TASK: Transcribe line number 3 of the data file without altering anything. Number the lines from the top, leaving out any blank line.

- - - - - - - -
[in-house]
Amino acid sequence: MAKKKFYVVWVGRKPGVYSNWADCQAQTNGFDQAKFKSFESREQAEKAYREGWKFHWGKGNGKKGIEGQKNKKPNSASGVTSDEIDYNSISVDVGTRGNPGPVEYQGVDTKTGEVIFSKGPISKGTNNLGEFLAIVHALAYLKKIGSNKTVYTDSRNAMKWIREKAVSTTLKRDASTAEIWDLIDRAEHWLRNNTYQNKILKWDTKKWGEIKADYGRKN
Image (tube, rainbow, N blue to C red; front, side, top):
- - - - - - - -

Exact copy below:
Image (tube, rainbow, N blue to C red; front, side, top):